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Three chords and you're all set to play 1000 songs
Jun 16, 2007 01:53 PM 2927 Views

I got my first taste of a musical instrument several years ago, when I was just a little tyke with a huge mop of hair on my head that always covered my eyes(that hasn't changed.). It was a German recorder, a flute variant that had holes in weird places and was quite a challenge to play. With some help from the teachers, I eventually could play a few pieces but the course got cut off and so did my aspirations to become the next Mozart.


I still have that German Recorder and I do pick it up occasionally to see if I can play a tune or two. To be honest, if there's ever a group of instruments that have given me grief, it's the wind instruments. I tried the clarinet a few years ago but ended up abusing it each time I laid my eyes on it. Who on earth put so many holes into one pipe?


Then I had my first serious affair with a musical instrument. I lost my musical virginity to a keyboard that I picked up with everything I had earned till that point. From then on, it's all been trial and error, read and work out. taught myself some chords. started playing songs. built myself as I went along.


Over the years, the knowledge grew and spread across a few other instruments viz. the guitar, bass, drums, mandolin, harmonica etc.


The whole process might have been faster if I had the luxury of a teacher but at that point of time, the next meal was the important thing.


Let's just compare these two aspects.


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The Self Educated Musician vs. The Coached One


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Teaching yourself may not be the fastest method out there. It's much easier if you have someone showing you what string to pull and what key to bang. Instructor based training is also good for building the correct technique.


What I don't like about instructor based training is that some teachers tend to mould students according to what they believe is right. Music is expression and each one has his own way of expressing. Instructors sometimes stiffle and often make changes to a student's technique just because they consider their technique, the right one.


Also, some instructors are selfish. They will only skim the waters and shield you from some of the unique aspects of music so that you don't get ahead of them. Tis true.


So if you ask me what I'd pick between the two. I'd say. a combination of both. It's great to have help at the start. Then you figure out new things through new age media. The internet has tons of resources and there are plenty of instruction videos out there. Eventually, you can supplement and grow by going for music workshops and sharing techniques with fellow musicians.


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The Classical Musician


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Classical music is incedible but very demanding in it's form. It takes hours of chipping away at music theory and practicing scales. The discipline required is such that it would take an incredible amount of dedication to reach a decent level of proficiency.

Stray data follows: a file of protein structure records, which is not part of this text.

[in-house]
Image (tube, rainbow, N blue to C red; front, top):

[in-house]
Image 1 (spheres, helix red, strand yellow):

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The Low Down


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  • Go with that voice from deep inside. decide whether you want to pick up an instrument or train your voice.




  • NEXT: DECIDE WHETHER YOU WANT TO GO DOWN THE CLASSICAL PATH OR NOT. The advantage of learning the classical way is that you will be an incredible musician. The disadvantage is that it will take you several years to get there. If your whole idea of music is playing Beethoven or Bach in front of a quiet crowd, classical is the way to go. Otherwise, just learn the instrument the quick and easy way(learn chords, learn a few scales, play your favourite songs.)




  • Once you zero in on what you want to learn, you have a few ways of going about it - Enroll in a music school, employ a private tutor or gather resources and chip away on your own. Music Schools make sense if you are looking for diplomas or certificates.




  • Finally, it's not an easy road but it does get easier as it goes. If you can weather a bit of physical torture and long hours of practice. it's definitely worth it.






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Parting thought


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The musical instruments I hold close to me have seen me through every rough patch I've had. It's like the best friend you can ever have. Plus, they never ask you for money, turn their backs to you or steal your best t-shirt and sunglasses.


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Psyxx - the educator


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I do a 4-hour-a-week stint at the montessori school nearby teaching a whole lot of primary school kids how to make noise with instruments. It's an incredible experience that has made all those years of toil, so rewarding. Last year, with just 5 months of learning. they put up a concert for their parents. Psyxx. shed a tear of joy backstage.


~finis~


PS: If anyone needs help getting started, drop me a note.


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